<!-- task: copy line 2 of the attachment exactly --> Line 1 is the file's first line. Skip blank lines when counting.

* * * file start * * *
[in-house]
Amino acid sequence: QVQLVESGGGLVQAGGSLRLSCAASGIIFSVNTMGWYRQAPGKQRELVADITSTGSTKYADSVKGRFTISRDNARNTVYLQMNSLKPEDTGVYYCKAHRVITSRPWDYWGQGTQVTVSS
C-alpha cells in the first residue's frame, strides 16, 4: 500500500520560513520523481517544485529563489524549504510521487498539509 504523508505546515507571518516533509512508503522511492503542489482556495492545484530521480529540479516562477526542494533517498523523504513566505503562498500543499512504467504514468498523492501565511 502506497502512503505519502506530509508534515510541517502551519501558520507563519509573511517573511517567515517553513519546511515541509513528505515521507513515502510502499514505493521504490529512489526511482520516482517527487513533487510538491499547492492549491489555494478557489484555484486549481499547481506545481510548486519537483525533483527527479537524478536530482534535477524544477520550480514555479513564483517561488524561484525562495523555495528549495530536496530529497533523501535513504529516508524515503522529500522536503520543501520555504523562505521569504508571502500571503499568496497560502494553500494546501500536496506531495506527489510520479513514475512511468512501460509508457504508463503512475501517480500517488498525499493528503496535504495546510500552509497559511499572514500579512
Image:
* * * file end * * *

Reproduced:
Amino acid sequence: QVQLVESGGGLVQAGGSLRLSCAASGIIFSVNTMGWYRQAPGKQRELVADITSTGSTKYADSVKGRFTISRDNARNTVYLQMNSLKPEDTGVYYCKAHRVITSRPWDYWGQGTQVTVSS